‘Set in the 1950’s, in an England still recovering from the Second World War, The Lost Art of Keeping Secrets is the enchanting story of Penelope Wallace and her eccentric family at the start of the second rock ‘n’ roll era.
Penelope longs to be grown-up and to fall in love; but various rather inconvenient things keep getting in her way. Like her mother, a stunning but petulant beauty widowed at a tragically early age, her younger brother, Inigo, currently capable of concentrating on anything that isn’t Elvis Presley, a vast but crumbling ancestral home, a severe shortage of cash, and her best friend Charlotte’s sardonic cousin Harry…’
My copy of this book has been re-read so many times it is falling apart. For those of you who are familiar with ‘I capture the Castle’, this book has a very similar feel and atmosphere.
It is a charming story full of wonderful, eccentric characters. I love period novels, and this one has a great vintage feel (and I just love the pink edges of the book). Penelope is such a lovely character – she is your typical teenager, growing up, going through changes, no idea what she wants to do in her life. Trying to find her place in a world that is only just coming out of rationing, dreaming of Johnny Ray, and dealing with an over dramatic, depressed mother. She is so quaint, and reserved and proper but still utterly likeable and rather hilarious (she pretends to enjoy great works of art and literature when really she’d rather be out dancing), that you can’t help but fall in love with her. Penelope’s life changes forever after a chance meeting with fun, confident, Charlotte who upon meeting her in a bus stop, immediately invites her to share a taxi with her, swap coats and come to tea at Aunt Clare’s…
(I must take a moment to point out how much Aunt Clare made my laugh. I can only hope one day, to be exactly like her)
”I don’t really know many boys . Well, my brother has his school friends, I suppose, but they seem awfully young and silly to me.’
‘How lovely to have a younger brother with pretty friends,’ sighed Charlotte. And how lovely they would think her, I thought.
‘Very useful for tennis,’ remarked Aunt Clare’.
~ page 25
All the characters in this book are delightful and well rounded. What I loved most was how everyone just felt so real. No one was perfect or unbelievably good looking. Just normal people with hopes, fears and dreams that we slowly begin to understand as the story progresses; and the characters were all the more attractive for it. Penelope is no stunning beauty but slowly becomes beautiful throughout the story as she comes into herself and gains confidence. Charlotte very attractiveness lies in her character – so full of life and laughter. These are ordinary girls having every day adventures and you can’t help but wish you were alongside them for the journey.
The Lost Art of Keeping Secrets is a wonderfully crafted story, subtly built up in a way that felt realistic, but never dull. Penelope is persuaded to pretend to be the new girlfriend of Harry (Charlotte’s cousin), who is heartbroken that the woman he loves is marrying another man. He aims to use Penelope to make her jealous in the hopes of winning her back. Of course, nothing is so simple as it seems, and some very amusing and touching situations ensue. I’m sure just by reading the basic storyline you will think you can guess what inevitably will happen, but I think you’ll find some lovely surprises along the way. This story doesn’t go down the predictable route and I enjoyed it all the more for it. It isn’t your typical romance story (it is in fact, one of the best written romances I have come across), one that doesn’t take precedence over the many other, often more important, relationships within the book. You won’t find any grand declarations of love but some highly charged scenes that you will have you reading them again and again as you fall in love right alongside them.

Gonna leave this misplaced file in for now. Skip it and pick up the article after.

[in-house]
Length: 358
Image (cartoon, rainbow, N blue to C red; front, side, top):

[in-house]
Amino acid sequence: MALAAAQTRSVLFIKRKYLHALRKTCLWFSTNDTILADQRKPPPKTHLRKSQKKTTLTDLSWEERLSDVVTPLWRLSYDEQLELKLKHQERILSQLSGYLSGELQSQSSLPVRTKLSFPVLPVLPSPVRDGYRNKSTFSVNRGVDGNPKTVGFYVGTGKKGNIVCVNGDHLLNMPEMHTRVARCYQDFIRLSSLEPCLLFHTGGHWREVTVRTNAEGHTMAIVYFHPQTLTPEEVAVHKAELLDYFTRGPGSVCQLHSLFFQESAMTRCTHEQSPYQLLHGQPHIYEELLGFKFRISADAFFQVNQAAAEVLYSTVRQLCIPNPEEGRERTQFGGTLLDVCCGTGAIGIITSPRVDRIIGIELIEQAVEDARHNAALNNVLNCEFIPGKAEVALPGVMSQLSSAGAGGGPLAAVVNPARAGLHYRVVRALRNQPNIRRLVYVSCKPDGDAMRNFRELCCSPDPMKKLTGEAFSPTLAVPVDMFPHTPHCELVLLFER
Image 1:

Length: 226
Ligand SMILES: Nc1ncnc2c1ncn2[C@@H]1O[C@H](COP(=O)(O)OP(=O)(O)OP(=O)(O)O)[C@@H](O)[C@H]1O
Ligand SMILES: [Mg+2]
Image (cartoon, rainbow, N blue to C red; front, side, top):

I found myself utterly drawn into this world Eva Rice has created. It is simply a beautiful story and the ending is very moving and brilliantly written. Trust me when I say, you’ll be drawn in and love taking every step with Penelope as she finally experiences life to the fullest and learns a thing or two along the way. There will always be a special place for Penelope, Charlotte, Harry, Aunt Clare, Rocky, Marina, Talitha, Inigo and Julian the Loaf in my heart.
It’s just so deliciously random. And quintessentially English. I want my best friend to be Charlotte. I want to drink cocktails and dance the night and morning hours away at the Ritz, curl up with a book and a gramophone at Magna, and take a picnic in the Long Gallery. This book never fails to make me smile. Perfect for curling up under a rug with, with a hot chocolate (or gingerbread latte if you’re so inclined!)
I’ll leave you with a couple of my favourite quotes. As for me, I’m off to tea at Aunt Clare’s.
‘Aunt Clare was married to a very smart man called Samuel Delancy until three years ago. One of those fearfully good-looking but very mean types. Anyway, he was killed by a falling bookcase.’
‘Yes, really, it just collapsed on his head as he sat reading On the Origin of Species – very ironic my mother kept saying’.
‘Did you think him very handsome?’ Charlotte asked her. Aunt Clare paused before answering. ‘I wouldn’t say that he was handsome the usual way,’ she admitted. ‘He was too rare for that, too unusual-looking with that strange colouring and those long eyelashes. Goodness me, Charlotte,’ she went on, much her old self again, ‘who on earth ever fell in love with anyone who looked handsome? What a ghastly bore handsome is.’
~ page 396
Recommended Reading Age: 14+